The main purpose of creating classes is to hold the data. These classes helps to add basic functionality to obtain the data. In Kotlin, this is called as data class and is marked as data

Java POJO classes normally we write:

public class User {

private String name;
private int age;

public User(String name, int age) {
this.name = name;
this.age = age;
}

public String getName() {
return name;
}

public void setName(String name) {
this.name = name;
}

public int getAge() {
return age;
}

public void setAge(int age) {
this.age = age;
}

@Override
public boolean equals(Object o) {
if (this == o) return true;
if (o == null || getClass() != o.getClass()) return false;

User user = (User) o;

if (age != user.age) return false;
return name != null ? name.equals(user.name) : user.name == null;

}

@Override
public int hashCode() {
int result = name != null ? name.hashCode() : 0;
result = 31 * result + age;
return result;
}

@Override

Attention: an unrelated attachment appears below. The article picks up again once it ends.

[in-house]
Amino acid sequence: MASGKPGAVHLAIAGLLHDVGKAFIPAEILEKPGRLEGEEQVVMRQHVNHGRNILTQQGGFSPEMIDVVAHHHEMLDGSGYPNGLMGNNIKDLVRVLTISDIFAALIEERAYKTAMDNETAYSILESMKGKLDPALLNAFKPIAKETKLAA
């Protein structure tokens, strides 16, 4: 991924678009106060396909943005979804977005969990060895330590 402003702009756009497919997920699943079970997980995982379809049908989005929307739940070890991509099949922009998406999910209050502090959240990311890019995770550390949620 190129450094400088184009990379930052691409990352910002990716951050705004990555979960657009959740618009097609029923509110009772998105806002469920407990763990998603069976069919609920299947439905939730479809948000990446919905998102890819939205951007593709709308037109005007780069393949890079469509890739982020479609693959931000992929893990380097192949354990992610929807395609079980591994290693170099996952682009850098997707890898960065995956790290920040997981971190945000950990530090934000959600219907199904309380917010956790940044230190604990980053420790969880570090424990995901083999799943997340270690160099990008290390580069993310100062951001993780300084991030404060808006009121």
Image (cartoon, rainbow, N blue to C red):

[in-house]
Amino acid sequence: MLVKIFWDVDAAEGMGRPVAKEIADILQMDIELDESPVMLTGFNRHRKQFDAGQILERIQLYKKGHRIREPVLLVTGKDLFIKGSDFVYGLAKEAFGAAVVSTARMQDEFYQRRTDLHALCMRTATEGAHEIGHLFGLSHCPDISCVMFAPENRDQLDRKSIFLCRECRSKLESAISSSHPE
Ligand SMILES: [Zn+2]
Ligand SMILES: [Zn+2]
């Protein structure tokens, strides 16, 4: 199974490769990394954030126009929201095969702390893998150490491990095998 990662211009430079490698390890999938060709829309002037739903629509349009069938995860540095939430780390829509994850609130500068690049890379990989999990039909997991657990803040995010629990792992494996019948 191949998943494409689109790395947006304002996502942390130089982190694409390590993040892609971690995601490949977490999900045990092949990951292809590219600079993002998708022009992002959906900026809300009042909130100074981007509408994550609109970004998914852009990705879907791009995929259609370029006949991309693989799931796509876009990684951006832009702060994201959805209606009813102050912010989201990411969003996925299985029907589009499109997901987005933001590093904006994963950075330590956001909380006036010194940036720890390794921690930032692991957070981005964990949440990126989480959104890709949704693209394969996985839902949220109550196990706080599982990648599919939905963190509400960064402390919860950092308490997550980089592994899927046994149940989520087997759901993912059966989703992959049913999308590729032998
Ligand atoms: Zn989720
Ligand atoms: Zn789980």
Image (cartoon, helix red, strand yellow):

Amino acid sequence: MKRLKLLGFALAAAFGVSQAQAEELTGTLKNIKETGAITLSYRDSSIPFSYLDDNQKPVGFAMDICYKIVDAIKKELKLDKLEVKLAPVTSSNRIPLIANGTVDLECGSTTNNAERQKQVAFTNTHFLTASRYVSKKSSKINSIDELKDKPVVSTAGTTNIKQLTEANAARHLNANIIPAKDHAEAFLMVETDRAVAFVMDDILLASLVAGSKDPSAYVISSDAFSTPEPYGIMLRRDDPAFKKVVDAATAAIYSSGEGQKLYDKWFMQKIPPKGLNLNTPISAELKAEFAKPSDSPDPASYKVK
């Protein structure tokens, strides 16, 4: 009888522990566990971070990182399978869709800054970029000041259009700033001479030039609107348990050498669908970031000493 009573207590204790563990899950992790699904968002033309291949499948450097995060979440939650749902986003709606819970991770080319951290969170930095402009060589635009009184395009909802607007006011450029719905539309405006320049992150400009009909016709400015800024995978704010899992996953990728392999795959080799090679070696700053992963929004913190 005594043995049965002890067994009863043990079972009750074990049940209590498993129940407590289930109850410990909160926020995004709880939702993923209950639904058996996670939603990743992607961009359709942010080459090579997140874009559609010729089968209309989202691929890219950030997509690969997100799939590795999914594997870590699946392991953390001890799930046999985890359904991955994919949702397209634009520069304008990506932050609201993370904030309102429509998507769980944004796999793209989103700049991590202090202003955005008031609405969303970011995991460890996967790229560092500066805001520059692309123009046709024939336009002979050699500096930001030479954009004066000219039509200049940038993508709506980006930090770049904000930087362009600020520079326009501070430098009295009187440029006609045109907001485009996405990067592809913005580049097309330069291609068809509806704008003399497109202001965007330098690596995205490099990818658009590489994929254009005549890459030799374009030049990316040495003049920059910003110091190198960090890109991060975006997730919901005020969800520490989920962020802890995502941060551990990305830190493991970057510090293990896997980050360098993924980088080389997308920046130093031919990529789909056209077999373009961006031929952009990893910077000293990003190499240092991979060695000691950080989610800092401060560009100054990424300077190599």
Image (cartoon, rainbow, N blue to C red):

public String toString() {
return "User{" +
"name='" + name + '\'' +
", age=" + age +
'}';
}
}

How we can write in Kotlin:

data class User(val name: String, val age: Int)

When we create class as a data class, you don’t have to implement or create the following functions like Java

  • hashCode()

Kotlin compiler creates these internally for you.

Although, there is one disadvantage is Data classes cannot be abstract, open or inner class.

Properties Declared in the class body

Compiler only uses the properties defined inside the primary constructor for the automatically generated functions. To exclude a property from the generated implementations, declare it inside class body:

data class User(val name: String) {
var age: Int = 0
}

Only the property name will be used inside the toString(), equals(), hashCode(), and copy()implementations, and there will only be one component function component1(). While two Userobjects can have different ages, they will be treated as equal.

val user1 = User("John")
val user2 = User("John")
user1.age = 10
user2.age = 20

If we do user1 == user2: true

Copying

It’s often the case that we need to copy an object altering some of its properties, but keeping the rest unchanged. This is what copy() function is generated for. For the User class above, its implementation would be as follows:

fun copy(name: String = this.name, age: Int = this.age) = User(name, age)

This allows us to write:

val jack = User(name = "Jack", age = 1)
val olderJack = jack.copy(age = 2)

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